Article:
Let the games begin
Gamification is a term that has been around since 2002 when it was coined by British computer-programmer Nick Pelling. By the second half of 2010, it had built up enough traction to make it to the Google trends list and, in 2011, was runner up for “Word of the Year” by The Oxford Dictionary.
The word itself may not be on everyone’s lips, but the concept is. Think of the gold stars on Ebay, one of the first point systems to measure user status, or the running app Nike+, which helped increase Nike’s market share in the running shoe market by 14% in four years.
Gamification’s application is as broad as people’s imagination. In three weeks, the puzzle game Foldit led to a breakthrough in AIDS research by solving a problem that had stumped scientists for 15 years. Fundraising site CrowdRise has generated hundreds of millions of dollars for non-profits worldwide by turning charitable giving into a game. And, whatever you might think of it, Pókemon Go is getting people off the sofa and onto the streets.
So what is the allure? Simple human nature. If you want someone to do something, motivate them, keep it personal and make it fun. Gamifaction reaches people on a deep level by tapping into the human need for recognition, achievement and success.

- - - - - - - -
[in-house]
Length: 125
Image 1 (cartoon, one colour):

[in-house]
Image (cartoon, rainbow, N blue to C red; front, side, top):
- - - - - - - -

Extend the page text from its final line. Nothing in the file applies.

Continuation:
Leading analyst firm Forrester Research reported the programmatic use of gamification as being key to accelerating targeted selling behaviors and brand sentiment. In partner relationship management, gamification can inspire channel partners to focus not only on sales, but also on team-oriented goals. It can keep them attentive to commitments, improve productivity and boost moral. It can also get channel partners to interact more regularly with the sales platform.
There is also a bottom-line advantage to gamification. Typical incentives such as market development funds, rebates and rewards are limited by the overall budget allotted for these activities. Not so with gamification. Gamification incentives can be clearly calculated by limiting the number of prizes to a definable number of top players. What’s more, the rewards of gamification do not have to be monetary. For instance, incentives can be in the form of emotional intangibles such as recognition, increased status, and encouragement.
Games have always played an important part in building relationships. As a complement to traditional incentives programs, gamification can establish unique goals and offer more personalized rewards. But in the channel marketing business, it isn’t possible without technology. A good partner relationship management program can make every step of the game affordable, accessible and personalized. Over the coming years, gamification is set to become a competitive differentiator among channel marketers. So let the games begin!